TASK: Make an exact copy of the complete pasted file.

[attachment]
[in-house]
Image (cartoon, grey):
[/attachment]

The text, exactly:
[in-house]
Image (cartoon, grey):